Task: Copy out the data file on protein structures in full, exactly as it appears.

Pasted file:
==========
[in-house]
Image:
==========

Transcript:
[in-house]
Image: